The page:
Popular games portal Kongregate is launching a brand new community devoted to helping would-be developers learn how to make games in Flash, Develop can reveal.
Kongregate Labs will be offering free access to step-by-step tutorials (dubbed ‘shootorials’), dedicated chat channel and forum, and even assets so that players can create their own original Flash games to upload to Kongregate.com.
Since it’s launch a year and a half ago, Kongregate has become a popular casual and Flash games portal amongst both consumers and developers – the site lets programmers upload their own creations, which generate revenue through ads and make use of the site’s dedicated community and achievement functions.
The site has made stars of the likes of Desktop Tower Defense and its creator UK developer Paul Preece, but CEO Jim Greer isn’t happy with just helping one or two developers turn their dreams into a reality – the Labs have been opened to help more developers make the leap from amateur to indie, he told us.
"Flash on its own, while a great tool, is not totally accessible to a total beginner – you still need a book or a friend to take you through it. So what we’re aiming to do with these tutorials is fill that space," he said.
A former EA Pogo and Shockwave tech exec, Greer founded Kongregate to help would-be developers get more attention. He grew up learning to code by typing in programs from ’80s games magazines and learning how to make “plus signs move around and shoot other characters”.
But the leap between making games and playing them is still too huge for many – almost as wide as it was when he was staring out, he added, so the Kogregate team want the transition to be easier for those consumers looking to make their own titles or experiment with game development.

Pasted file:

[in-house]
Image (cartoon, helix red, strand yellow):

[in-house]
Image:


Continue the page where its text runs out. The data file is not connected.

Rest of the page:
"The fact that GTAIV is made by human beings is this incredible, almost abstract concept to grasp – it’s this huge world that is something you or I could never build single-handedly on a computer," he said.
"So we’re scaling things back to explain to players how you can build something – for us, our first tutorials are for a 2D shooter – on your screen and run it over a series of nine tutorials."
As well as guiding players through the game creation process, Kongregate Labs will also launch an imminent ‘remix’ contest that challenges users to customise the basic game they have learnt to build with new gameplay, graphics and/or sound.
Kongregate has attracted a big-name sponsor to support the launch, Toyota’s Scion brand. Scion is Toyota’s urban car aimed at younger drivers and primed for the custom and modded car market – something that sits well with the idea of inviting players to remix or mod a game from scratch. (And it’s not Toyota’s first dalliance with games – the firm previously commissioned an Xbox Live Arcade advergame promoting it’s Yaris automobile.)
Scion’s involvement, and it’s bid to get involved in the customisation of games, pinpoints a key change in the interests of players, aspirations of younger players, and how that ties with the future talent of the games industry, said Greer. It’s also the highest value sponsorship the site has scored so far, and Greer promises that the revenues are being reinvested in both the Labs and other Kongregate initiatives, such as funding select projects at up-and-coming studios.
"Scion has pushed us to be original, and keep the design of the site unique and true to what gamers would expect – rather than some heavily branded ad-driven site – in order to keep users happy and engaged.
"The aspiration to become a games designer or developer is certainly a more important goal amongst our users than, say, being in a rock band. In fact it’s much more mainstream now – when I was a kid, it was a bit weird dreaming of being a games designer rather than being a star quarterback, but now it’s really common amongst kids."
He added: “I hope the Labs will really lower the bar and give our players the chance to try their hand at something. The aim goal is to demystify game development for first-time creators, offering them everything they need to know to express themselves, and to develop great games to share with our community, as well as profit from them."